“It feels truly exceptional to have the option to investigate in like that, to see the value in how quiet it very well may be in a portion of those minutes and a portion of those spots and not actually understand what’s coming,” she says.
“It’s such a cool surprise to have,” says one hiker, “when you come around a corner on a trail and you have no idea of the huge view you’re going to be rewarded with.”
There is truly a global circuit for ultramarathons. Dauwalter has won races in Texas, Cape Town, and Réunion in the Indian Ocean alone in the past year. The runner is thankful for the sport’s travel opportunities.
She remarks, “I really appreciate exploring these places with my feet.”
Dauwalter is too modest to think about legacy and accomplishment. She asserts that she herself is “definitely not keeping track” of her winning streak. However, her popularity and following continue to expand (as of this writing, she has 420,000 Instagram followers).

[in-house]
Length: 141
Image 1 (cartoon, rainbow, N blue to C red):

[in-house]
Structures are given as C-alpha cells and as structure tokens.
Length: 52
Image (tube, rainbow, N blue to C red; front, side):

Her message is clear when she is forced to consider what she wants her impact to be on the sport and beyond: We ought to all try harder to push ourselves.
She asserts, “In general, I believe that everyone’s standards are just a little bit too low, and that we should raise the bar for ourselves.” We ought to pursue what sounds somewhat insane or sounds somewhat too troublesome and simply see, since, what difference would it make?”
For Dauwalter, it doesn’t matter if that extra effort comes from her favorite sport.
She says, “Yes, I want more people to experience ultrarunning.” I’d love for people to decide that’s their thing, even though it sounds crazy. Yet additionally, I figure individuals can simply do that with anything in their life and see what occurs with it.”